Author(s): Welt CK
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Abstract The development of assays specific for dimeric inhibin A and inhibin B defined the distinct physiology of these two hormones in the normal menstrual cycle. Inhibin A and inhibin B expression and secretion along with their differential regulation by gonadotropins explain their unique serum patterns and their potential endocrine and ovarian autocrine-paracrine functions. There is evidence that inhibin A and inhibin B play an endocrine role in the negative regulation of follicle-stimulating hormone (FSH) in nonhuman primates and humans. However, some studies suggest that estradiol is a more important, if not the only, negative feedback regulator of FSH in women. There is also evidence from animal models that inhibins and activins play a critical role in follicle development. Future work will be necessary to define further the relative role of the inhibins, estradiol, and other autocrine-paracrine factors in these important reproductive functions.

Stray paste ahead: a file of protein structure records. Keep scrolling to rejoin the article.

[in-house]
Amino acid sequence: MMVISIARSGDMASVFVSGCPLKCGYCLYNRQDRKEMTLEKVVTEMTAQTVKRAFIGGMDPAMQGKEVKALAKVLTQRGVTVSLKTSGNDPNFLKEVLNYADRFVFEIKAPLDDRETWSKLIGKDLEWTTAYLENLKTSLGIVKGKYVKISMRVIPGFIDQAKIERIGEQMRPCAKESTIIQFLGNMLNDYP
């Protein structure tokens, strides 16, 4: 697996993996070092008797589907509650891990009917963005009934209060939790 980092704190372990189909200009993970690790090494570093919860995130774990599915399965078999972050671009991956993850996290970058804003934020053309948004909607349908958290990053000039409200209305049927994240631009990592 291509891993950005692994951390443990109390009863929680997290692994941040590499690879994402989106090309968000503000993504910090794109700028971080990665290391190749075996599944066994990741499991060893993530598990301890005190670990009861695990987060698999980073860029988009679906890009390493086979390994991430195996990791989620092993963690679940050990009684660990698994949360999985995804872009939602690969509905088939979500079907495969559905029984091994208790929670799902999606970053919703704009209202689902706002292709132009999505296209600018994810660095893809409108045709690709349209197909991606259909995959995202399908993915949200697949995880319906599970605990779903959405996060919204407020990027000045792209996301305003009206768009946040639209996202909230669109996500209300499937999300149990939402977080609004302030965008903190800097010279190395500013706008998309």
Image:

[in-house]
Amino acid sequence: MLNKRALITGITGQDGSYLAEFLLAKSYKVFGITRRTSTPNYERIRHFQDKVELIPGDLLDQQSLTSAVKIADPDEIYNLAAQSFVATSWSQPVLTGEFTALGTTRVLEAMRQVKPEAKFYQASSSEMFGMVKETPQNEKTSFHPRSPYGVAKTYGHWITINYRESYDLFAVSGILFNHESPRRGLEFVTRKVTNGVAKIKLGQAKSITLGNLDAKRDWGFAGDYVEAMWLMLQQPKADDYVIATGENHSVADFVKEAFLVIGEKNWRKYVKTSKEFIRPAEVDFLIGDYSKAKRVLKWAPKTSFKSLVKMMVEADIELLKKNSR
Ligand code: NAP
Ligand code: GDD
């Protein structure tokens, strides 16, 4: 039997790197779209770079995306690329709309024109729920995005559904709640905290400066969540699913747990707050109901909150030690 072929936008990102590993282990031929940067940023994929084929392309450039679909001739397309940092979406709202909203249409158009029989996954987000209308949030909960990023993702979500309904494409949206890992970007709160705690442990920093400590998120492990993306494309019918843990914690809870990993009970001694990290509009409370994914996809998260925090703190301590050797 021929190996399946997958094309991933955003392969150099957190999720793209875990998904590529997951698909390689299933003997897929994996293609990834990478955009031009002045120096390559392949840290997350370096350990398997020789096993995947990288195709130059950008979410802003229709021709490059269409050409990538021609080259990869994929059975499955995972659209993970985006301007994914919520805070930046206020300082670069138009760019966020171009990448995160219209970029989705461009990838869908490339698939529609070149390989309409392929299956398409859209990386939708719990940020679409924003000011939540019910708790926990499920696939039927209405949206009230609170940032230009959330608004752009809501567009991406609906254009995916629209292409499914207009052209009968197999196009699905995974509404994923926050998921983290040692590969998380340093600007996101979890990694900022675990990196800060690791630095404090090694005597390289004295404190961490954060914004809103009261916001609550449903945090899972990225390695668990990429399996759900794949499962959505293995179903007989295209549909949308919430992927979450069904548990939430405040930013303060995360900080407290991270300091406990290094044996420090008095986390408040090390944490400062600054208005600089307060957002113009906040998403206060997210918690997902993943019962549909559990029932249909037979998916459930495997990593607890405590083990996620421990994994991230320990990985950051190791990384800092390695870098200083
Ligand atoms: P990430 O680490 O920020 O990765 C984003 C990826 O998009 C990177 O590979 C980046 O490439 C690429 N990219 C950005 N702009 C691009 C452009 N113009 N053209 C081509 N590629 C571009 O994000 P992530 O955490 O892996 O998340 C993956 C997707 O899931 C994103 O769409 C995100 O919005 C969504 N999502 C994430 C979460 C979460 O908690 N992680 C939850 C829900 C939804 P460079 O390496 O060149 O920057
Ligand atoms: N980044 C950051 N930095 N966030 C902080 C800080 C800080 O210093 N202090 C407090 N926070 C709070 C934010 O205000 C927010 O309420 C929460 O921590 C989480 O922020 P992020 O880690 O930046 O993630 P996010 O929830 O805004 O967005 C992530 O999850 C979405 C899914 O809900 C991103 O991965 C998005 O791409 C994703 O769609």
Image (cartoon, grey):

This article was published in Semin Reprod Med
and referenced in Reproductive System & Sexual Disorders: Current Research